Among the most worrisome figure is about 60 of the state’s smallest school corporations offer no Advanced Placement classes in the STEM fields of calculus, biology or chemistry.
This shocks me as a parent and professor.
Colleges keep close tabs on course offerings, and schools that offer no AP STEM classes are loudly saying, “Don’t admit our students; they aren’t ready for college.”
Many rural community leaders complain about shortages in nurses, physicians and pharmacists.
So, this is a good opportunity to connect the dots between educational and economic outcomes.
Few universities will wish to admit students in business, the sciences, or healthcare who haven’t taken an AP STEM class.
And, even if they do, the outcomes for students who didn’t take an AP class is substantially worse than those who did.
So, if you have low educational attainment that is keeping your local economy from growing, or if you face a local nursing shortage, it is time to connect the dots to local school corporations.
Fortunately, there are some bright points. Smaller school corporations do better than larger schools in Career and Technical Education courses, but even there, fewer students in small corporations complete the technical honors degree.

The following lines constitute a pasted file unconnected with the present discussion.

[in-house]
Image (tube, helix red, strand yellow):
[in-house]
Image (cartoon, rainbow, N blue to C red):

Thus, few benefit from the extra, and relatively low-cost, CTE courses.
In many other areas, like FAFSA completion or graduation rates, small and large corporations aren’t statistically different. That’s about the end of the good news.
Still, our research, and that of many scholars before us, tells a clear story. Very small school corporations, with roughly 2,000 or fewer students, are shortchanging the educational outcomes of a substantial share of their students.
This is a tough, but unambiguous conclusion.
Our study made no recommendations on how to address this problem. I can think of four options.
First, school corporations could do nothing.
For most communities this is a very, very high-risk strategy.
Another two or three generations of declining enrollment aren’t guaranteed. But if I were a betting man, I’d put my life savings on a wager 90% of Hoosier school corporations with fewer than 2,000 students today will be much smaller by 2040.
This will be a disaster for many places across the state.
Second, school corporations could structurally consolidate, or merge.